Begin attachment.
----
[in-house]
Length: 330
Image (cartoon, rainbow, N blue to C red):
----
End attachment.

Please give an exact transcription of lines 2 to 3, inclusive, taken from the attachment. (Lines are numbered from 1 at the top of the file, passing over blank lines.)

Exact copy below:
Length: 330
Image (cartoon, rainbow, N blue to C red):